The famous Stripling Warriors often give credit to their mothers for their victory. (Alma 56: 47-48) What is interesting is this feminized origin of martial bravery. Many narratives would place the origins of courage in a father based setting. Perhaps the warriors learned courage from hunting with their fathers, (see Enos 3) or from a campaign on which they accompanied their fathers as children. But here they learned battlefield courage from their mothers. This could represent the somewhat unique situation where their fathers refused to take up arms. So the Stripling Warriors had little chance to witness combat from their fathers. Or this could be an intriguing lesson from Mormon. It could act as a subversive teaching that undercuts the idea that fighting is exclusively man’s business. One of my favorite Disney songs is “Be a Man” from Mulan, since by the end of the movie the soldiers are dressed like women and following the lead of the female protagonist. The reference to mothers could also undermine the idea that people need to fight in the first place. After all, the pertinent teaching here is a trust in God, which is similar to idea of surrendering our lives, and control of our lives, to the care of Heavenly Father found in step three of the LDS recovery program. (See also Alma 61:12-13)
Token of Bravery:
In one of the last chapters of Moroni we read about the horrible treatment of women and children in probably the most graphic verses in all of scripture. The Nephite women and children are held captive by the Lamanites and forced to eat the flesh of their slain husbands or fathers. While the Lamanite women are captured, raped, and then eaten ravenously as a token of bravery. (Moroni 9:8-10) The phrase, token of bravery is interesting and makes me wonder what other tokens of bravery they had. I know for example that many of the elite Aztecs wore the bones of their dead enemy, and rather colorful clothes. The word token is also associated with the temple, so I wonder if this is some sort of perverse ceremony that took place in the corrupted Nephite temples. Sacrifices to the gods were a part of pre-battle rituals of Mesoamerica. So if the Nephites had apostatized to the God of War, and we know that a warlike cult from Teotihuacan (modern Mexico city) was spreading throughout Mesoamerica at this time, it would make sense that a brutal act of conquest against women would satisfy that false God. It would also act as almost the exact opposite of the Laws of Purification expected of God’s people. This works thematically too, since the last chapter exhorts the readers to study the book, remember God’s mercy,(Moroni 10:3) and then apply Christ’s saving power in their lives. (Moroni 10: 32-33) Much like the book Hosea in the Bible, that uses an unfaithful and whoring wife to highlight the strength of God’s covenants, the depravity of chapter nine could serve to highlight the sanctifying and saving power of Christ in chapter ten.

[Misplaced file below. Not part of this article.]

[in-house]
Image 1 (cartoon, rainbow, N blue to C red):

As you can see, a study of women and their associations with sex raise a host of interesting issues that would enhance our understanding of the Book of Mormon. These are a few preliminary ideas and essentially little more than a brainstorming session but I look forward to presenting these ideas in greater detail.
 John Welch, Law and War in the Book of Mormon in Warfare and The Book of Mormon, Stephen Ricks, William Hamblin eds. (Provo, Salt Lake City: FARMS, Deseret Book, 1991).